Living to the extreme
Imagine standing in the Gobi Desert with no life as far as the eye can see. A cloudless sky beating the sun’s rays down. You’ve been there for six weeks without a drop of water. But you are still there. This is reality for the Deinococcus species of extremophiles. These robust bacteria have evolved to cope with the harshest environments found on our planet. Since its discovery in 1956, coincidentally 56 years ago, scientists have been trying to understand the mechanisms behind these adaptations at a molecular level. Their hard work is now paying off in new and exciting ways.
Much of the recent research links back to why this species of tough microorganism was discovered. Back in the 50s, a new method of preserving food using gamma radiation resulted in a tin of spoiled meat and Deinococcales radiodurans was found to be the culprit. Exposure to unnaturally high doses of ionizing radiation was a doddle to this new species with 90% survival rate at a dose of 5,000Gy. To put this in perspective, workers at the Chernobyl plant were exposed to a cumulative dose of about 0.1Gy* during the 2-year clean-up process.
There is nowhere on earth with such high natural radiation so the first puzzle was why these bacteria had adapted to survive. Martian theories involving meteorites were thrown into the mix. Scientists tested the bacteria with natural extremes including lack of water and UV radiation. They flourished and were soon discovered in places like the Sahara (D. deserti), geothermal vents (D. geothermalis) and the Gobi Desert (D. gobiensis).
What confers these unearthly properties on the adeptly nicknamed Conan the Bacterium? One hypothesis is that the high dose of radiation is inadvertently turning the bacteria into super-mutants. This is correct in once sense as it is mutating the bacteria’s DNA. Since other bacteria e.g. E. coli do not succumb to a blessing of extra strength, we have to look beyond the supernatural for an answer.
The first point of call was DNA damage as high doses of radiation are notorious for causing double stranded breaks in DNA. D. radiodurans DNA is broken in a similar fashion to other bacteria but its supremacy is the ability to repair this damage. Recent research has addressed this by focusing on a very damaging process, oxidation. Radiation and other environmental stresses increase the release of damaging reactive oxygen species. These are a natural byproduct of metabolism but when they are increased dramatically they cause damage to cell structures. The power of the super-bacteria is their ability to prevent this devastating destruction.
Anti-oxidants are a vital component in this process and a number of studies have shown a particular detox ion is present in higher volumes in D. radiodurans under stress. The manganeseII ion is a cofactor in many enzymes and its action permits resistance to extreme conditions. Scientists have revealed these hardy bacteria have a very efficient manganese regulatory mechanism. Deinococcus species have taken the use of antioxidants to a new level!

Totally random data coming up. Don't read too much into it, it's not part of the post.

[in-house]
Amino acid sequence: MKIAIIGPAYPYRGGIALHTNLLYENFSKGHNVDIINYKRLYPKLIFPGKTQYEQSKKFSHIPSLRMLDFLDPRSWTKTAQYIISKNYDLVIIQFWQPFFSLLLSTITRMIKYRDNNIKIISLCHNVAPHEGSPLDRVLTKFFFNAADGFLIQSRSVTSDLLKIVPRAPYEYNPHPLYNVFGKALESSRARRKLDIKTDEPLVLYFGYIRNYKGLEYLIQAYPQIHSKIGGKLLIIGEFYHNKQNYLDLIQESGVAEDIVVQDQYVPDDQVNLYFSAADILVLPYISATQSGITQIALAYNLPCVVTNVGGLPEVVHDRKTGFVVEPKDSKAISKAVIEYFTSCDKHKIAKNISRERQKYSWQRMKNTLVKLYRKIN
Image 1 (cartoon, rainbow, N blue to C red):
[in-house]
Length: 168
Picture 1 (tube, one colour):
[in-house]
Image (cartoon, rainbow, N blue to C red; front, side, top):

Having revealed many of these extremophiles secrets, scientists have discovered some novel ways of exploiting its properties. IrrE is a protein switch and shown to be involved in protecting D. radiodurans. Transferring this regulator to E. coli also transfers the protection. Under conditions which would normally be fatal such as salt and thermal shock, the E. coli survived. Moving to a higher level, IrrE also endowed salt tolerance when tested in a transgenic plant, Brassica napus. These initial experiments give us a glimpse of the potential IrrE could have in transgenic plants as 20% of all land is now affected by salinity.
Telling the story of D. radiodurans reveals a thrilling tale of discovery and potential. This bacteria is more than an entry in the Guinness Book of Records. The mechanisms behind the world’s toughest bacteria reveal elements that could be adapted for use in radioprotection and higher tolerances in crops. More possibilities will be revealed as its means of protection are investigated further. One thing is certain; the Deinococcus species will remain long after we are distant memories and the Gobi Desert is no more.
*Note: According to the World Health Organization, for most exposures from the Chernobyl accident, absorbed doses are similar to effective doses (i.e. 1Gy is approximately equal to 1 Sv).
Chen T, Wang J, Yang R, Li J, Lin M, & Lin Z (2011). Laboratory-evolved mutants of an exogenous global regulator, IrrE from Deinococcus radiodurans, enhance stress tolerances of Escherichia coli. PloS one, 6 (1) PMID: 21267412
Daly MJ, Gaidamakova EK, Matrosova VY, Kiang JG, Fukumoto R, Lee DY, Wehr NB, Viteri GA, Berlett BS, & Levine RL (2010). Small-molecule antioxidant proteome-shields in Deinococcus radiodurans. PloS one, 5 (9) PMID: 20838443
Pan J, Wang J, Zhou Z, Yan Y, Zhang W, Lu W, Ping S, Dai Q, Yuan M, Feng B, Hou X, Zhang Y, Ma R, Liu T, Feng L, Wang L, Chen M, & Lin M (2009). IrrE, a global regulator of extreme radiation resistance in Deinococcus radiodurans, enhances salt tolerance in Escherichia coli and Brassica napus. PloS one, 4 (2) PMID: 19204796